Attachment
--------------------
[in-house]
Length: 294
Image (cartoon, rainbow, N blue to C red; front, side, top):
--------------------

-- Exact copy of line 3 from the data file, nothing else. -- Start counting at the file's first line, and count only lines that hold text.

Image (cartoon, rainbow, N blue to C red; front, side, top):